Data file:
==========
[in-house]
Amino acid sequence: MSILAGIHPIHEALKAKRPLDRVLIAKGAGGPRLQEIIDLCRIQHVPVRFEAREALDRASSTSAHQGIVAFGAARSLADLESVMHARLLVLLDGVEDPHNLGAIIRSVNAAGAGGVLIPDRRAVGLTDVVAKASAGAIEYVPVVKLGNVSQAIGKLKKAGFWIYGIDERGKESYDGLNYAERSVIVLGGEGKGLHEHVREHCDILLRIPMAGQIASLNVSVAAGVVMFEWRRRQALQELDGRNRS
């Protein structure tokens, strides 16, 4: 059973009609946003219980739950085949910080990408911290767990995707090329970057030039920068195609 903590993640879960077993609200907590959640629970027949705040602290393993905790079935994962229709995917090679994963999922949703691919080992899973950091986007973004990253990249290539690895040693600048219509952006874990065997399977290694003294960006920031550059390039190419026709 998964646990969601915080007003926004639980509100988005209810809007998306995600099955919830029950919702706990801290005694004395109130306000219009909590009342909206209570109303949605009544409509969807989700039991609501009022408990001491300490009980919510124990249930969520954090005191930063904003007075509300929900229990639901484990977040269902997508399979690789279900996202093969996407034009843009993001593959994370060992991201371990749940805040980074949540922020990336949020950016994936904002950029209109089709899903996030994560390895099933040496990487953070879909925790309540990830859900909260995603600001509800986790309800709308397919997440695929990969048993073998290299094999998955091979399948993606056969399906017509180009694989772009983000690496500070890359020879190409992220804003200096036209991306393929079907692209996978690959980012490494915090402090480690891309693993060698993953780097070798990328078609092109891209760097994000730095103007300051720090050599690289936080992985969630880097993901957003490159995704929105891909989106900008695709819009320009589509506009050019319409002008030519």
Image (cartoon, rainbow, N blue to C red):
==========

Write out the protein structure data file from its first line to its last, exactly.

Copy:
[in-house]
Amino acid sequence: MSILAGIHPIHEALKAKRPLDRVLIAKGAGGPRLQEIIDLCRIQHVPVRFEAREALDRASSTSAHQGIVAFGAARSLADLESVMHARLLVLLDGVEDPHNLGAIIRSVNAAGAGGVLIPDRRAVGLTDVVAKASAGAIEYVPVVKLGNVSQAIGKLKKAGFWIYGIDERGKESYDGLNYAERSVIVLGGEGKGLHEHVREHCDILLRIPMAGQIASLNVSVAAGVVMFEWRRRQALQELDGRNRS
């Protein structure tokens, strides 16, 4: 059973009609946003219980739950085949910080990408911290767990995707090329970057030039920068195609 903590993640879960077993609200907590959640629970027949705040602290393993905790079935994962229709995917090679994963999922949703691919080992899973950091986007973004990253990249290539690895040693600048219509952006874990065997399977290694003294960006920031550059390039190419026709 998964646990969601915080007003926004639980509100988005209810809007998306995600099955919830029950919702706990801290005694004395109130306000219009909590009342909206209570109303949605009544409509969807989700039991609501009022408990001491300490009980919510124990249930969520954090005191930063904003007075509300929900229990639901484990977040269902997508399979690789279900996202093969996407034009843009993001593959994370060992991201371990749940805040980074949540922020990336949020950016994936904002950029209109089709899903996030994560390895099933040496990487953070879909925790309540990830859900909260995603600001509800986790309800709308397919997440695929990969048993073998290299094999998955091979399948993606056969399906017509180009694989772009983000690496500070890359020879190409992220804003200096036209991306393929079907692209996978690959980012490494915090402090480690891309693993060698993953780097070798990328078609092109891209760097994000730095103007300051720090050599690289936080992985969630880097993901957003490159995704929105891909989106900008695709819009320009589509506009050019319409002008030519």
Image (cartoon, rainbow, N blue to C red):